hiwus Warren Paull, shíshálh Nation –
“Meeting the objectives of the UN Declaration is fundamental to the future of British Columbia. It is the pathway to ensuring the basic human rights of Indigenous Peoples are upheld and building a shared future that is resilient and cohesive. The Declaration Act Action Plan is one important step toward that future. While the work ahead is tremendous, we are ready to do our part to see these actions fully implemented in our territory and across the province.”
Chief Murphy Abraham, Lake Babine Nation –
“Lake Babine Nation appreciated the opportunity to help shape the action plan, and now we look forward to working with the Province to implement it. This will be hard and challenging work for all of us, but I believe that with continued commitment, dialogue and collaboration, we can use this action plan to improve the road for our future generation from here on forward. There is no greater imperative in front of us than the one to create respect and recognition between us, and ensure that current and future generations of our peoples live in dignity and unity. The Lake Babine Nation Foundation Agreement, signed in 2020, and B.C.’s action plan, will serve as powerful and shared roadmaps to that of a stronger future for both Lake Babine Nation and British Columbia.”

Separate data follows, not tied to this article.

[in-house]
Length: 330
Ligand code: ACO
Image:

Chad Norman Day, President, Tahltan Central Government –
“The Tahltan Nation has appreciated the opportunity for input into the action plan, and we are committed to working with the Province to implement the plan as well as the entire UN Declaration in British Columbia. It is critical that Indigenous Peoples have a say in, and can benefit from, the resources in their territories today and in the future. We are continuing our partnership with the provincial government to build tools to effectively share decision-making for natural resource development in Tahltan Territory.”
- On Nov. 28, 2019, B.C. became the first jurisdiction in Canada to implement the UN Declaration through legislation by passing the Declaration Act.
- The Declaration Act Action Plan includes commitments to:
- recognize Indigenous Peoples’ inherent rights, interests and legal orders;
- support Indigenous students to lead graduation rates and pursue to their own excellence;
- enable all Indigenous Peoples to live free from racism and discrimination;
- share decision-making and pursue new fiscal relationships;
- improve the health and well-being of Indigenous families; and
- end the epidemic of Indigenous children in government care.
For more information on the Declaration Act and to download a copy of the action plan: https://declaration.gov.bc.ca/
For information on alignment of laws to the UN Declaration: https://www2.gov.bc.ca/gov/content/governments/indigenous-people/new-relationship/united-nations-declaration-on-the-rights-of-indigenous-peoples/alignment-of-laws
Two backgrounders follow.